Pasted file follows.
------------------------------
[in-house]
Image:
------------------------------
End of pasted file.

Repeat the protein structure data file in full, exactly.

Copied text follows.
[in-house]
Image: